My wife and I went on our first cruise.  It was a well oiled machine.  They were prepared for serving meals to 2800 people.  “Free” ice cream almost 24/7!  A staff member always in sight to make your experience great.  A highlight was the towel art on our bed each evening which was in the shape of an animal.

The towel art was a highlight because it was something we didn’t expect.  Okay, I paid a lot of money to get “free” ice cream.  I also expected that there would always be people around who could help me with any questions.  But the towel art was a simple and delightful surprise.

In other news, I need my carpets cleaned in my house.  So I’m eliciting help from our friend Google.  It may not be fair or complete.  But there is great power in the comments from people who have encountered the services offered.

I was reluctant to consider any business I hadn’t heard of or that didn’t have any reviews.  Most companies that had reviews would have the majority of comments being positive.  Then there would be a couple angry people who gave one star for some reason.  Hey, I’m a pastor and church consultant.  It doesn’t take much for people to get angry.

But there was this one carpet cleaning company which had 50 Google reviews and all of them were five stars!  I thought, “How is this possible?”  I called up the business.  The person answered right away (I only got voice mail from the others I called).  The woman had a pleasant and friendly tone.  I asked about the unbelievable rating.  She laughed and said her husband works very hard.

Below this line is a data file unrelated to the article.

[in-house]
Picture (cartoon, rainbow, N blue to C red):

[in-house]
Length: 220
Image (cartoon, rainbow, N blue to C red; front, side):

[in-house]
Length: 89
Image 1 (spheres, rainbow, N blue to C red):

The reviews of this business were not so positive because they clean carpets well.  If you pay someone to do this, you expect to get clean carpets.  No, reviewers were glowing in their praise of the professional and friendly behavior, experiences that went beyond what the people anticipated.

What do these two illustrations of hospitality say to life as church?  What are the issues of hospitality which will give rise to a positive buzz about your church?

It should be clear that I am assuming you have the basics in place.  You preach the loving grace of Jesus.  You worship God with uplifting music that helps to usher people into his presence.  That’s what I expect if I come to a church.  But why not exceed people’s expectations with the likes of the following:

  1. Don’t just have a nursery, but make sure it’s safe, secure, and sanitary plus staffed by people who moms will say they trust.
  2. Don’t just have signage (you do have signage of course!), but make sure it covers all the bases of where to enter your parking lot, where to enter the building, where to find the nursery, worship center, and restrooms.
  3. Don’t just have restrooms, but have the cleanest and most inviting restrooms in town with supplies and decorations that are appropriate for each gender.
  4. Don’t just have a worship center, but address the needs of the stranger with hard copy materials and projection which insures that they are comfortable in knowing when to stand up, what to sing, what to say, and that it’s okay to bring their beverage with them along with what the wifi password is.
  5. Don’t just get anyone to be a greeter or usher.  Insist that these people as your first impressions are the most hospitable, gregarious, friendly, guest oriented people you have.  Visitors should always have someone readily available for help, including outside the main entrance.
  6. Don’t just do church.  Create a spectacle.  Something that’s totally unexpected.  What are the unique gifts that God has given the people of your congregation?  Maybe it’s musical, or artistic, or serving, or mission, or food, or…  Whatever it is, God is handing you the opportunity to develop a signature ministry which people will talk about in your community.

On the cruise, I got what I expected, but we came away talking about towel animals.  For the carpet cleaners, people got clean carpets, but were taken by the positive experience of the people who served them.

What if you became the friendliest, most hospitable congregation in your community?  It takes an intentional effort.  It doesn’t just happen.  If some assistance would be helpful in order to change your church culture, check out The Effective Church Group Hospitality resources.